Experiment B: Analyses of the relation of spectral power with disease parameters in Parkinson's disease patients (N = 70) involved a separate ANCOVA with repeated measures for each frequency band, using Greenhouse–Geiser corrected P-values for interaction effects. The repeated measures factor was identical to experiment A. Relevant confounders as well as disease duration (effect of disease duration), modified Hoehn and Yahr stage in the ‘OFF’ medication phase (effect of disease stage), UPDRS motor score in the ‘OFF’ medication phase (effect of disease severity) or LEDD (effect of dose of dopaminomimetics) were used as covariates. In case of a significant main effect for a disease parameter or an interaction effect for the disease parameter with ROI, subsequent post hoc analyses of the relation of regional spectral power with disease parameters were performed by means of linear regression using each of the regional spectral power measures in the ‘OFF’ medication phase as dependent and either disease duration, modified Hoehn and Yahr stage in the ‘OFF’ medication phase, UPDRS motor score in the ‘OFF’ medication phase or LEDD as well as any relevant confounders as determinants. Relations of total tremor score (UPDRS motor sub-score) with spectral power were explored using Spearman's non-parametric correlation analysis, as exploratory scatterplots showed severe non-normality with outliers in the XY data.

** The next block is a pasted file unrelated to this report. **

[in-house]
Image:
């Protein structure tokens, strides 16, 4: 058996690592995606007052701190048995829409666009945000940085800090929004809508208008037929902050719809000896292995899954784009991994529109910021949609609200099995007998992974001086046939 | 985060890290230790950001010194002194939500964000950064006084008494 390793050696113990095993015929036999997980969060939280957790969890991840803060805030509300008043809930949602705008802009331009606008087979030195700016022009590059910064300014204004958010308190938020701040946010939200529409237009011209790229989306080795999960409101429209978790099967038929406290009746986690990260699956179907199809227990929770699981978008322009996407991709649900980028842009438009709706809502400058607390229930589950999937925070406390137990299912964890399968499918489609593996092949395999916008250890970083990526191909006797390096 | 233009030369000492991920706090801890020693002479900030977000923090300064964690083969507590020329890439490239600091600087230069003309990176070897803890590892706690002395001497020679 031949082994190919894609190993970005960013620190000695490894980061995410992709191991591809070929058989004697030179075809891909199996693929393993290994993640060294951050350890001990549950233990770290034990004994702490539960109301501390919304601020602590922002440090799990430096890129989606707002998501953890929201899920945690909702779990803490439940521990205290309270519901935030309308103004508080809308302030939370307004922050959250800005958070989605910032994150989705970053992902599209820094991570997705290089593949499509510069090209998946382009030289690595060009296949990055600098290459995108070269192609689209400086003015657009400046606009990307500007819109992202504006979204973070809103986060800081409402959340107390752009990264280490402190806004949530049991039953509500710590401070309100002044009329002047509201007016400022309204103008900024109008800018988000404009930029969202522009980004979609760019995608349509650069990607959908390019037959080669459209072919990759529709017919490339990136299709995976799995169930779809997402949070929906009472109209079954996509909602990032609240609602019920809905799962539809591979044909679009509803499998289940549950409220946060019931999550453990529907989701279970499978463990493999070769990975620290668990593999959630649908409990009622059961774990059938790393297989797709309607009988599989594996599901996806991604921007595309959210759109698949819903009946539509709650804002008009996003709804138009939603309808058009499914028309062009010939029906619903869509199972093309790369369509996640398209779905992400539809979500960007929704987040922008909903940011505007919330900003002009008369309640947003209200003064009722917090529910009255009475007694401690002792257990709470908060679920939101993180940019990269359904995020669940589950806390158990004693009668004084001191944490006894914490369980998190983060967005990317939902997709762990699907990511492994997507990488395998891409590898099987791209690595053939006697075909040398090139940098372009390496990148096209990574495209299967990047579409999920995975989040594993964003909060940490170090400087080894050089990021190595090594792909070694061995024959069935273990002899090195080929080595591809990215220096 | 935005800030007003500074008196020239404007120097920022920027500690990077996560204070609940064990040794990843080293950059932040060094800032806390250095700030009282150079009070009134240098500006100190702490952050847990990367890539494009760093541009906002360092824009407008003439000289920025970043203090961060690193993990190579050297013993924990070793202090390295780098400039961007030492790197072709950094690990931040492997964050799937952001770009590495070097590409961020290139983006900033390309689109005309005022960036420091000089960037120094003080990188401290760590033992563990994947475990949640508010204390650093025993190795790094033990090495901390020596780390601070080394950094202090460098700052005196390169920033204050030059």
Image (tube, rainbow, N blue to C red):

Experiment C: Analyses to determine the immediate modulatory effect of dopaminomimetic drugs on power values (effect of acute dopaminomimetic challenge) in levodopa-treated Parkinson's disease patients (N = 37) were performed by means of Student's paired t-tests.